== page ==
##* For Gitea and Gogs, this is the *Gogs Plugin*.
          ## Create your Pipeline project and for simplicity, specify the URLs to your web-based Git server's repo using the {{http://...}} protocol.
          ##* For Bitbucket, you need to ensure the *Build when a change is pushed to BitBucket* option is selected.
          # In your web-based Git server, create your webhook:
          #* For Bitbucket:
          #*# Install the *Post Webhooks for Bitbucket* add-on.
          #*# Go to your repo's *Post Webhooks* feature and create the webhook (i.e. using {{http://&lt;jenkins-server&gt;/bitbucket-hook/}} where {{<jenkins-server>}} might be {{localhost:9090}}).
          #* For Gitea or Gogs:
          #*# Go to your repo's *Webhooks* feature and create the webhook (i.e. using {{http://&lt;jenkins-server&gt;/gogs-webhook/?job=&lt;your-jenkins-job-name>}}).
          # Create your initial Jenkinsfile and commit it to your local clone, then {{git push <git-server-remote-name>}} (i.e. to your local web-based Git server).
          # Go back to Jenkins and see your Pipeline project being built without you having triggered it manually - MAGIC!
          For a while now, I've been meaning to look into creating a tutorial about how to configure a webhook (in a web-based Git server) to trigger a Pipeline project's builds in Jenkins.

          After a recent discussion with [~bitwiseman], I soon realized this was going to be a much more complex task than I anticipated. The main complexities in developing such a tutorial arise from the multitude of different network combinations and configurations that could easily lead to the content of this tutorial getting lost in the weeds.

          Therefore, the aim of this tutorial is to demonstrate the processes for setting up a webhook from a web-based Git server to trigger of a Pipeline project's build in Jenkins, without covering the details of different network combinations and configs, which are beyond the scope of this tutorial. This information would need to be stated up front in the tutorial.

          Essentially, the easiest/practical path to take for this tutorial would be to assume everything is done locally on the one machine. That way, we do not have to assume 

          h2. Investigation

          For this tutorial, I looked at the following web-based Git servers (ones which can be installed locally on the reader's machine and not necessarily in Docker - which complicates matters):

          * [Bitbucket Server|https://www.atlassian.com/software/bitbucket/server] - can download a free 30-day evaluation copy and is installed locally on macOS (which I tested), Linux and Windows. Once the evaluation period expires, however, it's no longer possible to push anything to your Bitbucket Server installation. A US$10 license can be purchased to restore this functionality again.
          \\ \\
          * [Gitea|https://gitea.io/en-us/] and [Gogs|https://gogs.io/] - both free and can be installed locally on macOS (which I tested), Linux and Windows. (Gitea can also run in Docker, which I didn't test).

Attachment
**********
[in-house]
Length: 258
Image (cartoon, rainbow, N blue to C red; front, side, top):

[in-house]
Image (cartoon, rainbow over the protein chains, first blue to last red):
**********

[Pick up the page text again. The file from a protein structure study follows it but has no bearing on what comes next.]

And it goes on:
** With a default setup, SSH operates on port 22 by default, so I found I had to activate *Remote Login* from my Mac's *System Preferences > Sharing* area to allow me to push from a local clone to either Gitea or Gogs.
          ** With my Gitea setup (not Gogs), I encountered [this issue|https://github.com/gogits/gogs/issues/2574] and found that implementing the DB path update documented in this issue fixed the problem.

          It took me some time to realize that running Jenkins in Docker (as we do for all the other existing [tutorials|https://jenkins.io/doc/tutorials/] so far) was complicating the situation. AFAICT, since I was running the web-based Git server apps (above) directly on my host machine (i.e. {{localhost}}), my Jenkins in Docker's {{localhost}} wasn't identifying the {{localhost}} of my Git server apps running outside of Docker (see attached screenshot demonstrating what happens when I attempted to configure a valid Bitbucket Server repository URL in Jenkins in Docker).

          I even encountered similar problems attempting to get Jenkins in Docker accessing a repository in GitLab CE in Docker (all running off the same Docker host).

          h2. Finally success!

          When I ran Jenkins directly on my own machine (i.e. from a WAR file), I was able to get webhooks configured in Bitbucket Server, Gitea and Gogs to trigger Pipeline project builds. To do this, the following prerequisites are required:

          * Bitbucket Server - the free [Post Webhooks for Bitbucket|https://marketplace.atlassian.com/plugins/nl.topicus.bitbucket.bitbucket-webhooks/server/overview] add-on must be installed in Bitbucket, along with the Bitbucket Plugin for Jenkins.
          * Gitea and Gogs - the Gogs Plugin for Jenkins is required.

          Interestingly, for Gitea, there is a Gitea plugin available, which doesn't appear to work. This [Stackoverflow post|https://stackoverflow.com/questions/48316346/gitea-and-jenkins-webhook] has more information about configuring webhooks for both Gitea and Gogs.

          h2. Proposed tutorial outline

          This may change after I have a discussion with [~dduportal] later today (8 Feb 2018 my time), since the following is based on the assumption that all required tools/software involved are installed locally.

          h4. Prerequisites

          * Butbucket Server, Gitea or Gogs installed locally - link off to relevant page/s, although can provide recommended running instructions (for the purposes of this tutorial).
          * Jenkins WAR file (local installation) - can probably link off to the [WAR file procedure in the Installing Jenkins docs|https://jenkins.io/doc/book/installing/#war-file].